Presentation on theme: "BLE 211: Principles of Agriculture and Forestry"— Presentation transcript:
1BLE 211: Principles of Agriculture and Forestry Lecture 6
2Farm StructuresMany Farm production processes must be carried out under more closely controlled conditions in order to maximize output.Animals often need to be protected from wind, rain and sun.Animals must also be kept in conditions where diseases and parasites are more readily controlled.Stored crops must be protected from damaging elements of water, excessive temperatures, insects and fungi.Farm machinery must be protected from rain and dirt and kept under conditions where corrosion and general degradation is kept to a minimum.
3Categories of Farm structures There are many types of structures on farms depending on the type of farming activities being carried out on the farm.The sizes of individual farm structures may in some cases be influenced by the size of the farming project they would be serving.On a large dairy farm, the milking parlour would be bigger and better developed than on a small dairy farm with only a few animals.
4Categories of Farm structures They include:FencesLivestock production structuresCrop growing structuresFarm BuildingsFences are used for:Marking boundaries of the farmSeparating land selected for growing crops from that for pastures.Dividing pasture into paddocks for controlled grazing to be carried out.Controlling the movement of animals thus prevent the formation of unnecessary paths.
5Forms of Fences Mainly two forms. Dead fences include Live fences includingDead fences includePosts and wires (plain, woven, barbed or electric wires)Posts and wooden racksStonesTrench fences. Common near National parks and Game reserves. The trench should be fairly wide and deep enough to hold tightly any animal that falls into it.Live fences composed mainly of growing trees or shrubsSuch fences are commonly called hedges or thorn fences.The most common trees or shrubs used are Mauritius thorn, Kei Apple, Euphorbia, Cypress, Cactus and Sisal.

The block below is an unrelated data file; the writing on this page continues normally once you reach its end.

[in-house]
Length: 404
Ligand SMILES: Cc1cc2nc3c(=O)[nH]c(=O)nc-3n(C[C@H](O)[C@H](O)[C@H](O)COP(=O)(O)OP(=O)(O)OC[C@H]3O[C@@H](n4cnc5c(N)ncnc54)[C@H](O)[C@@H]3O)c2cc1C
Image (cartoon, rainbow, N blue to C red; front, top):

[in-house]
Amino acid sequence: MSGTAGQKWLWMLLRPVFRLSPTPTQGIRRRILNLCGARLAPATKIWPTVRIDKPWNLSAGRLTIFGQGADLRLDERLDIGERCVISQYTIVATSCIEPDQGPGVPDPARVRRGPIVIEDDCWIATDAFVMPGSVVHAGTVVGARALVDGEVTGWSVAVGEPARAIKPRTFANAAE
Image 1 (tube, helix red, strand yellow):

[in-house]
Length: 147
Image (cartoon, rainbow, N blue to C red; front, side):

6Livestock StructuresLivestock production structures facilitate various livestock production activities carried out on the farm These structures include:Handling structures such as crushes, spray races and Dips.They are used to control animals when applying chemicals to prevent ticks.Housing structures including dairy sheds, calf pens, rabbit hutches, piggery, and poultry pens, goats and sheep pens.They are constructed to shelter the specific animals from bad weather (wind, heat, rain, and cold).They also protect livestock from wild animals and thieves.They can also be used for feeding the animals.
7Crop growing structures and Farm Buildings Include the greenhouses and irrigation set-ups.They are used to modify the growing environment for the crops.Farm Buildings found on a typical farm include:Farm house for the farmer and his familyLabour units for the workersStores for harvested produce, animal feed and seedsMachinery sheds and workshopsFactories for processing farm produce such as coffee, tea, sugarcane and sisal among other products.
8Important factors when planning for Farm Structures Total Farm PlanThe various farm activities to be developed in the farm should be planned for.Size of enterpriseDetermines the size of the individual structure for that enterprise.The potential of the enterprise should be considered so that plans for future expansion of the enterprise can be made.SpaceEnough space should be left between farm buildings and the homestead to accommodate the type of transport system to be used on the farm.ViewThe homestead should be located in such a way that it is possible to have a good view of the farm.
9Important factors when planning for Farm Structures AccessibilityStructure should be easily accessible from most parts of the farmStructures with related uses should be put close together, should be easily accessible without the workers wasting a lot of time when moving from one structure to the other.DrainageGood drainage is of paramount importance to prevent the structures from being destroyed.Wind DirectionThe homestead should be situated away from the direction of the prevailing winds to avoid bad smells.TopographyThe structures should be located in a fairly level ground. A sloppy site may limit construction operations and levelling of such a site may be very expensive.